Scaling in long term data sets of geomagnetic indices and solar wind epsilon as seen by WIND spacecraft
ABSTRACT We study scaling in fluctuations of the geomagnetic indices (AE, AU, and AL) that provide a measure of magnetospheric activity and of the epsilon parameter which is a measure of the solar wind driver. Generalized structure function (GSF) analysis shows that fluctuations exhibit self-similar scaling up to about 1 hour for the AU index and about 2 hours for AL, AE and epsilon when the most extreme fluctuations over 10 standard deviations are excluded. The scaling exponents of the GSF are found to be similar for the three AE indices, and to differ significantly from that of epsilon. This is corroborated by direct comparison of their rescaled probability density functions.
Article: Gaussian Self-A nity and Fractals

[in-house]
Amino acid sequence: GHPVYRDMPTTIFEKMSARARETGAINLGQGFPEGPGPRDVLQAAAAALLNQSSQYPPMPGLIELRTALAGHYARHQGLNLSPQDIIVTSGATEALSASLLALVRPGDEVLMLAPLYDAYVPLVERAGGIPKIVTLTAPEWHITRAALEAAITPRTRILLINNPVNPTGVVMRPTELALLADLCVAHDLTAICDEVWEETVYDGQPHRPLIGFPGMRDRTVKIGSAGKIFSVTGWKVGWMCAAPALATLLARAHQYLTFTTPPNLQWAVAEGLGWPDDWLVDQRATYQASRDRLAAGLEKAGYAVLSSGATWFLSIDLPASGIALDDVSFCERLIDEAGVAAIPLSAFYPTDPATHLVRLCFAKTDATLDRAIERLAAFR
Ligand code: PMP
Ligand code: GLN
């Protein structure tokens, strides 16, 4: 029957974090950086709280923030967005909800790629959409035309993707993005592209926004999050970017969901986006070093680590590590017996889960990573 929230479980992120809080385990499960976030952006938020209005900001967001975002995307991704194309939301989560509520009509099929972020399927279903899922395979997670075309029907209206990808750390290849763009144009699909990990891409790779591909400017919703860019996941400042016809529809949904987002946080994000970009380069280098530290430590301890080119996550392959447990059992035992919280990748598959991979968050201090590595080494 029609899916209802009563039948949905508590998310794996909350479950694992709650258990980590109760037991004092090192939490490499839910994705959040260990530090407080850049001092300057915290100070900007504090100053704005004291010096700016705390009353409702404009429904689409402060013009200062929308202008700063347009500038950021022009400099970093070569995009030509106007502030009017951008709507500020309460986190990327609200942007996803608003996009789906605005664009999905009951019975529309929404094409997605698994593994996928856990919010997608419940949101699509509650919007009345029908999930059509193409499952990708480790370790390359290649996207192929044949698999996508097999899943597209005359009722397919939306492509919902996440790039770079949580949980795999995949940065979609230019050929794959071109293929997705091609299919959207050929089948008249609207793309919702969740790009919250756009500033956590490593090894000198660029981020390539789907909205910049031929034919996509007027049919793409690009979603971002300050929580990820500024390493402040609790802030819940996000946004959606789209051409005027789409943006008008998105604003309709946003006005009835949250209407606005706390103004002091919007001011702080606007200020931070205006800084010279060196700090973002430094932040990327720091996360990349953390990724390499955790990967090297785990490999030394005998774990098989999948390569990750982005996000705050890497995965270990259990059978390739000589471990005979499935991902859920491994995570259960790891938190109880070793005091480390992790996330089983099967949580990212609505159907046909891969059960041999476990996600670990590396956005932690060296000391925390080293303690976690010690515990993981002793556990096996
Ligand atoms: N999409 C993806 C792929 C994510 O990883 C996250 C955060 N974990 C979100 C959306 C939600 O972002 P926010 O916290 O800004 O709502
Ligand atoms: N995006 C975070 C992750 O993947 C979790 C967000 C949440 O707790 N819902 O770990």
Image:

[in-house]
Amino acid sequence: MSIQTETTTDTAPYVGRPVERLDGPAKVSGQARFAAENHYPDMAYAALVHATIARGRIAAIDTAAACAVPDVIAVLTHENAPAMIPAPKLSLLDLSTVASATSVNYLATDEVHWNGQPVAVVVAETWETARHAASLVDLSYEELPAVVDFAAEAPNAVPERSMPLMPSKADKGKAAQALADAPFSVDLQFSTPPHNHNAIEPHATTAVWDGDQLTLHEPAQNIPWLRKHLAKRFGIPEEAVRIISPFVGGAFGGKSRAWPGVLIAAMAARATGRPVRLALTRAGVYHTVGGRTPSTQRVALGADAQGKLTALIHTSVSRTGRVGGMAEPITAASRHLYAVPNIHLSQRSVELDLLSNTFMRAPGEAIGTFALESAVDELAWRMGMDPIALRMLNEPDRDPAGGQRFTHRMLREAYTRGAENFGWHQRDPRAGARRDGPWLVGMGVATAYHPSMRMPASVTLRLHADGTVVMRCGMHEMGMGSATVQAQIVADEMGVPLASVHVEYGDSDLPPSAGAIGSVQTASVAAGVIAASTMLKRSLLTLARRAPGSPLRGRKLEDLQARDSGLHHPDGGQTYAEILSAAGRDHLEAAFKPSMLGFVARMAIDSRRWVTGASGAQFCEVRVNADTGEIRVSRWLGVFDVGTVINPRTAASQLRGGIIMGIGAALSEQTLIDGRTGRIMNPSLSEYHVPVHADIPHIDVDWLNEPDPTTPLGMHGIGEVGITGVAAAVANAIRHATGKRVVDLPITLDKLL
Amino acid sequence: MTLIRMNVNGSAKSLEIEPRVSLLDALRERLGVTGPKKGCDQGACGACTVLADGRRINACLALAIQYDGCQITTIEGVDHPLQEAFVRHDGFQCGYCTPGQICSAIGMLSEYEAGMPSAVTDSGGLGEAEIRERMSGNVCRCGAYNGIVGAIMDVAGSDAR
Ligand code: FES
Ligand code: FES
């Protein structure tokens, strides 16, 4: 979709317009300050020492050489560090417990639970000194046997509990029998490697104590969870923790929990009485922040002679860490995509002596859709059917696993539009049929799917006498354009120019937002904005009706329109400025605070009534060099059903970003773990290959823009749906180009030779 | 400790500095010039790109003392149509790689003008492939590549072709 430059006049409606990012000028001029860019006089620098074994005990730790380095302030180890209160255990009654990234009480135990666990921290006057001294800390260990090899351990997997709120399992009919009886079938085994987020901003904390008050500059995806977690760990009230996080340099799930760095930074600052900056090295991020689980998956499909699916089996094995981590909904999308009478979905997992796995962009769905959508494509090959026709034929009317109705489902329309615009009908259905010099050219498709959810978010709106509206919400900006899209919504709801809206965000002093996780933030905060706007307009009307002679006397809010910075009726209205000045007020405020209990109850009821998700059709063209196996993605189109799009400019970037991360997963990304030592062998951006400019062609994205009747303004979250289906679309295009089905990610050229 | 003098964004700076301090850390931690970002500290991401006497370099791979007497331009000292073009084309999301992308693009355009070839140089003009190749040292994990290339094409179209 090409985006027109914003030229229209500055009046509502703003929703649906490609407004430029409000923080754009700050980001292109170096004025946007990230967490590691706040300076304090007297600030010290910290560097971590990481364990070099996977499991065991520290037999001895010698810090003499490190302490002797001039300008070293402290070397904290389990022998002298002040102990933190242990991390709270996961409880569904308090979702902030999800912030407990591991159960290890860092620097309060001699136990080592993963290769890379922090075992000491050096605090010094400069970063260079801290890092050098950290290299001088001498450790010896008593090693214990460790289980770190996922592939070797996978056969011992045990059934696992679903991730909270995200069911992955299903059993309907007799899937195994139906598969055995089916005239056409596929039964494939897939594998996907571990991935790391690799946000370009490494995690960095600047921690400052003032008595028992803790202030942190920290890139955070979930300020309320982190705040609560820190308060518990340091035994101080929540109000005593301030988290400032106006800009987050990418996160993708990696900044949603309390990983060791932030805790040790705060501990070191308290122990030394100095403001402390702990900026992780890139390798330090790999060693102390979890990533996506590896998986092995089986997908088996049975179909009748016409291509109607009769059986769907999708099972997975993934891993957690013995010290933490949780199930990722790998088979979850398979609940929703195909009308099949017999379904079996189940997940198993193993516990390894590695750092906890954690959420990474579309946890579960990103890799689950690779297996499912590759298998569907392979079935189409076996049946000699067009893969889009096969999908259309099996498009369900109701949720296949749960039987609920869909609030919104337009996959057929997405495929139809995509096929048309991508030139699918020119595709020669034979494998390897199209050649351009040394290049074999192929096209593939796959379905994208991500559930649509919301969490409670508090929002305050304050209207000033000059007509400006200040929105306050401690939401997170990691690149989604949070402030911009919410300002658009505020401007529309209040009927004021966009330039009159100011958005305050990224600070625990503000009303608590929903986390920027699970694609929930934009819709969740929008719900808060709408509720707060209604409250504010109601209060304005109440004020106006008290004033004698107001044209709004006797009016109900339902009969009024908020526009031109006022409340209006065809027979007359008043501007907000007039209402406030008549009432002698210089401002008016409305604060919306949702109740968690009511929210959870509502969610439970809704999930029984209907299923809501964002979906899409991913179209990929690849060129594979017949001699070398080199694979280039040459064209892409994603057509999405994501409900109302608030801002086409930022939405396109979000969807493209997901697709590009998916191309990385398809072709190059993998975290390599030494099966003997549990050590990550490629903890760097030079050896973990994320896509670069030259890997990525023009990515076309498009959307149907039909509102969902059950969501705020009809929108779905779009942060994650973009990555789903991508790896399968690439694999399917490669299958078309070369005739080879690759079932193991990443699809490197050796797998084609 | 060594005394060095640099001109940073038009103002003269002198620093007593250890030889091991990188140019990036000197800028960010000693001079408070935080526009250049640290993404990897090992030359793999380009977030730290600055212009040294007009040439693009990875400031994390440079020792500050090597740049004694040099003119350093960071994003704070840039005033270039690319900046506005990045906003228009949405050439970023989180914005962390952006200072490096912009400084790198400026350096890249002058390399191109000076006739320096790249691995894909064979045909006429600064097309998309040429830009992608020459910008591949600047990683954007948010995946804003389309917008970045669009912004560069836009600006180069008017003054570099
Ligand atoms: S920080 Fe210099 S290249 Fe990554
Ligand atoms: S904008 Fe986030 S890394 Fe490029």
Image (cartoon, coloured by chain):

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ABSTRACT: The probability distribution functions (Pdfs) of the AE-index fluctuations at different time scales have been investigated using a time series covering a period from January 01, 1978 to December 31, 1985. The Pdfs are always non Gaussian for time scales in the range 1-120 min both in quiet and disturbed periods. The scale dependence of the Pdfs indicates that AE-index is not characterized by a global time self-similarity, indicating that an intermittency phenomenon characterizes both phases. The results on Pdfs are compared with functional form, proposed by Castaing et al. , to characterize intermittency phenomena in ordinary turbulent fluid flows. Moreover the relevance of these observations to the understanding of the magnetospheric dynamical configuration is pointed out.Geophysical Research Letters - GEOPHYS RES LETT. 01/1998; 25(21):4087-4090.